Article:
A. R. Al-Ali (SM IEEE) received his Ph.D. in electrical engineering and a minor in computer science from Vanderbilt University, Nashville, TN, USA, 1990; Master degree from Polytechnic Institute of New York, USA, 1986 and B.Sc.EE from Aleppo University, Syria, 1979. From 1991–2000, he worked as an associate/assistant professor in KFUPM, Saudi Arabia. Since 2000 and till now, he has been a professor of computer science and engineering at the American University of Sharjah, UAE. His research and teaching interests include: embedded systems hardware and software architectures, smart homes automations, smart grid evolutions and development, smart factories and cities. Dr. Al-Ali has more than 100 conference and journal publications including two USA and European Patents. Professor Al-Ali has been invited to deliver keynote speeches on the recent evolution and development in internet of things, cyber physical systems, smart grid and smart cities in several local and international conferences (https://www.aus.edu/faculty/dr-abdulrahman-al-ali)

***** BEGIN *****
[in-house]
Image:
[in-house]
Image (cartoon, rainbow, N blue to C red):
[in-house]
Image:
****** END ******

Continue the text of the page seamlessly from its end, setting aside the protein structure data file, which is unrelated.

Title of Speech: The Roadmap from Smart Grid to Smart Cities
Abstract: About a decade ago, smart grid concept took off by the introduction of its conceptual model. Many contributions to the smart grid were done by academics and industrial R&D professionals. Recently, the smart grid concept was extended to smart transportation, smart building, smart healthcare, and smart manufacturing. Nowadays, those extensions are being led by the smart city paradigm. Industry 4.0 revolutionized the smart city and the smart grid by adding new enabling technologies namely, the Internet of Things, Cyber Physical Systems, and Cloud Computing. This talk highlights the technical roadmap from the Smart Grid to Smart Cities.